Defining the ideal material for frontal sinus obliteration remains controversial. Autogenous cancellous bone is effective because of its biological properties: it undergoes fast revascularization acting as an active scaffold for bone healing, but is linked to additional donor site morbidity. Bone dust harvesting from the skull surface produces no sequelae but availability is limited. Many efforts have been made to overcome these drawbacks, and an ideal bone substitute sought. Demineralized Bone Matrix (DBX; Musculoskeletal Transplant Foundation, Edison, NJ, USA) is a commercially available product composed of demineralized bone particles reduced after proper processing of human bone in combination with sodium hyaluronate. It generates an osteoconductive surface and it is also a source of osteoinductive factors. Radiological follow-up using computed tomography is a very reliable method of following-up ossification and detecting the early signs of possible complications. The authors present their clinical series of postraumatic frontal sinus obliteration using a mixture of calvarial bone dust and DBX shell, with long-term radiological monitoring. The technique was demonstrated to be effective, reliable, stable in the long term and associated with minimal morbidity.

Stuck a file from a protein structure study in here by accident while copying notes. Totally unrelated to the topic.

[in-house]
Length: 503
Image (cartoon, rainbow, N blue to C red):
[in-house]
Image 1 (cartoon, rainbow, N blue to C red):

Frontal sinus fractures represent 2–12% of skull fractures and around 8% (5–15%) of all facial fractures according to different series. The high incidence of early and late complications means that complex frontal sinus fractures are prone to undergo surgical treatment in most cases. Posterior wall defects with nasofrontal duct involvement are the most common causes of intracranial complications.
Key points in frontal sinus fracture treatment include: the avoidance of residual dead space; prevention of possible continuous contamination of the intracranial space from the nasal cavity-ethmoidal cells; and the suppression of the natural tendency of the frontal sinus mucosa to proliferate in a pathological manner after sustaining trauma. Aggressive surgical techniques are proposed to prevent possible complications seeking a ‘one step’ resolution, including sinus obliteration.